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Urnest v. Forged Tooth Gear Co.

NOVEMBER 14, 1968.

CHARLES URNEST, PLAINTIFF-APPELLANT,

v.

THE FORGED TOOTH GEAR COMPANY, A CORPORATION, THE CORNELL FORGE COMPANY, A CORPORATION, A. NELSON CORNELL, ALVERIN M. CORNELL AND ARTHUR M. CORNELL, DEFENDANTS-APPELLEES.



Appeal from the Circuit Court of Cook County, County Department, Chancery Division; the Hon. DANIEL A. COVELLI, Judge, presiding. Judgment affirmed.

MR. JUSTICE MORAN DELIVERED THE OPINION OF THE COURT.

This is a so-called shareholders derivative suit brought by the plaintiff, Charles Urnest, as a minority shareholder of The Forged Tooth Gear Company, one of the defendants. The remaining defendants are The Cornell Forge Company, which is the principal shareholder of The Forged Tooth Gear Company, and three individuals, A. Nelson Cornell, Alverin M. Cornell and Arthur M. Cornell, who are the principal shareholders of The Cornell Company, as well as officers and directors of that company and the Forged Tooth Gear Company.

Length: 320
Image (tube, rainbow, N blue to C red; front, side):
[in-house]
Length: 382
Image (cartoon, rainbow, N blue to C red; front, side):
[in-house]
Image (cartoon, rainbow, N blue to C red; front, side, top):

The alignment of the parties and the nature of the controversy can best be explained by a chronological account of the events which led to the lawsuit.

For some 35 years, The Cornell Company has been in the business of manufacturing and selling small steel drop forgings. It is an Illinois corporation, and has its office and factory in Chicago. In about 1938, The Cornell Company began to manufacture a new product, known as forged tooth gears. These gears were fabricated or forged at The Cornell Company, and then were sent to Western Metal Products Company for final machining and heat treating. Western Metal was another Illinois corporation controlled by the three individual defendants, who owned or controlled 49% of its stock. Cornell Company would pay Western Metals for its services, and this expense would be included by Cornell in the price it charged for its forged tooth gears.